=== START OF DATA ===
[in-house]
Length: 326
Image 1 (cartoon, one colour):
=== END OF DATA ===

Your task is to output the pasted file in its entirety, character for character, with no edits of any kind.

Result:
[in-house]
Length: 326
Image 1 (cartoon, one colour):